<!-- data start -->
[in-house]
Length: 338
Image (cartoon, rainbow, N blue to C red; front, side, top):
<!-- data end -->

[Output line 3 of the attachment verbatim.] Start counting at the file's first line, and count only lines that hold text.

Image (cartoon, rainbow, N blue to C red; front, side, top):